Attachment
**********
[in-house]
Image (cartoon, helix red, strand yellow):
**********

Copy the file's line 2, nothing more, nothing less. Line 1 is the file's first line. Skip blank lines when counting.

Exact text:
Image (cartoon, helix red, strand yellow):